Monday, February 07, 2011

On variables and the body's ability to compensate

For less than a dozen days within a year, I can get out onto the snow for boarding. Only a handful of times to not only ride, but also tweak and mess with configuration variables of equipment. In which each has the power to change performance with only mm of change. Yet within all this variability, there seems to be only degrees of improvement that the body has an amazing ability to compensate for and overcome. Leading to the question of at what point is it worth stopping the tweaking and just concentrate on the riding and adapt to whatever it is?

Here is a list of variables that can have noticeable affects.
The board
-length
-Type (park, pipe, freestyle, all mountain, freeride, big mountain, twin, directional twin)
-Camber type and flat camber
- wax type
- edge detuning

Boots
-flex
-heel hold
-toe box


Bindings

-highback flex
-highback forward lean
-stance width
-front angle
-rear angle (duck vs both forward)
-regular or goofy foot forward
-stance centering
-flex pattern on straps
-where the strap hits your foot
-toe strap set as cap or across the top of foot
-highback rotation
-canting angles
-heel wedge

With all the variables one can isolate a single one and change it one at a time, or change multiple variables at a time. And with limited time on the snow, there is no way to test all combinations. Something I'm actually looking at in my research is methodologies for testing like factorial design where you test a limited number of configurations but can gain some insight into what other combinations would be given the results


Sometimes I thinks it's time to settle on a configuration and then let you body adapt. I'm almost there, but took a little step backwards with this little gaffe. I think stance position is probably one of the most important settings. The board manufacturers provide a recommended location where the center of your bindings ought to go.



This based on the location of the side cut and the type of conditions that the type of board was designed for. Sure I know more than anyone, but I imagine that the designers of the board defined these recommended position for important reasons.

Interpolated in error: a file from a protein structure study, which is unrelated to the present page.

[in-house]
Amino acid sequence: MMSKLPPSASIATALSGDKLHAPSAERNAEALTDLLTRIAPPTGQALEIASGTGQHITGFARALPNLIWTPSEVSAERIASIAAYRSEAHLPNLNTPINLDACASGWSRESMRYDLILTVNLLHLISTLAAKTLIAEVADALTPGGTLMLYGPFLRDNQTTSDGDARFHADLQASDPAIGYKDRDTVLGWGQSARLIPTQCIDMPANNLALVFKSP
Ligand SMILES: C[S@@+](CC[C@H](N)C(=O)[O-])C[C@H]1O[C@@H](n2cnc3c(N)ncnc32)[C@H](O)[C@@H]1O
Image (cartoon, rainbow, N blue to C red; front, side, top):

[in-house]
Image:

Look close at the image below which is the top of a board similar to mine:


See the four holes that have a ring around them. These are the starting centered stance recommended by the manufacturer. All the other holes provide you two things, the ability to customize your stance width, and to also shift the entire stance back or forward to compensate for varying conditions such as powder. Which I know nothing of living in the east coast, but supposedly, you can shift your whole stance back to help lift the tip in deep snow.

So say you want a wider stance. The idea is to start at the centered location and than move both bindings out but X amount (one hole, two holes) rather than just moving one 2X. The disc of the bindings also allows a little more variability

So my board has a centered stance of 21", but with the inner most set of the 6 pack of holes, combined with the extra holes in the binding plate I can get a minimum of 18.5" stance width.

Widerstance --> stability but harder to bend at the knees/ankles.

Imagine my surprise when I took loosened up my plates to wax the board (important to loosen the screws when waxing so that the screws don't pull in little divots when you heat it up).

Hmmm, the rear binding seems to be placed off center to the back.

And I rode the whole day yesterday with it like this. Was it off the last time I went too? And how did I ride, ok, pretty good actually. The reason was that my timing of weighting and unweighting was improving a little bit. Something did feel off a little bit.

I of course changed it back to proper centering. And just for good measure added a little forward lean, and will probably remove some of that padding I was messing with in the boots. Why change one thing when you can just change several and start off riding like crap and then compensate over the next few times? But then the season will be over and start over next year.

I'm sure that the snow conditions are going to deteriorate into the ice and crust we typically have which will add another level of variability that wasn't included above.

1 Comments:

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